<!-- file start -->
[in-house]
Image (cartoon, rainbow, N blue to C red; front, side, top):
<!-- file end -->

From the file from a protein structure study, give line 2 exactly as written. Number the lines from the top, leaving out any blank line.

Image (cartoon, rainbow, N blue to C red; front, side, top):